“Our concern is that not only is that a problem in Afghanistan, but if you look at Pakistan, Yemen, Somalia, wherever else these drones are being used, the administration hasn’t said anything, hasn't been transparent, hasn't released any of the civilian-protection protocols, or (described) any of the training on civilian-harm mitigation that the drone pilots get,” Holewinski said. “When you don’t have the right training — which gives you the right mindset, the right skills, the right tactics, and the right way to think about the civilian population — you’re more likely to get more civilian harm.”
Pentagon officials declined to discuss details of the classified study. But Commander Bill Speaks, a DOD spokesman, said the efforts of military leaders to minimize civilian casualties involve "a broad range of tactics and procedures" and apply to both manned and unmanned aircraft.
"To portray it as a choice between the two platforms grossly oversimplifies the issue," Speaks wrote in an email. "Civilian casualties caused by our forces in Afghanistan have steadily declined in recent years, a trend that continues even as our reliance on remotely piloted aircraft (RPA) has increased."
During 2012, airstrikes by the NATO-led security mission in Afghanistan were responsible for 2.65 percent of the overall civilian casualties, according to Speaks.
"We continue to further minimize civilian casualties — lessons are continuously shared, procedures improved, incidents investigated, policies modified, training amended and tactics updated," Speaks wrote. "The mitigation of civilian casualties has direct command oversight and the highest level of priority."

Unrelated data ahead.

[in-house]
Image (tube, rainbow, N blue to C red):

The Afghanistan casualty details reviewed by Lewis were assembled because American forces often returned to the scene of drone attacks to interview locals and elders about who died, who was injured and whether the targets were indeed plotting violence. That kind of cross-checking is far more challenging in Pakistan, Yemen and Somalia, Lewis wrote.
"While the U.S. has repeatedly stressed how (drone) strikes in Pakistan cause very few civilian deaths, this position runs counter to independent investigations," Lewis wrote.
He cited a March 11, 2011, U.S drone strike on a vehicle in Pakistan during which a follow-up drone blast reportedly killed rescuers who had converged on the scene, and noted that "several reports stated there were civilian casualties, ranging from two to five individuals." Lewis also mentioned a March 17, 2011, U.S. drone strike on a suspected militant compound in that same country — after which Pakistani authorities and news reports stated that the gathering was actually a tribal assembly of elders intended to settle a dispute at a nearby chromite mine. The reports of civilian casualties ranged from 13 to 44.
In his executive summary on his study, Lewis wrote that "inaccurate assessments of civilian harm" by American military and political leaders have "tarnished the U.S.' reputation."
"We’ve heard from the administration that what comes first is avoiding civilian harm, that it's one of their top priorities," Holewinski said. "I really want to believe that — especially about my own country. The thing is, they have to back that up with some kind of proof. They can’t just say: 'Trust us.' "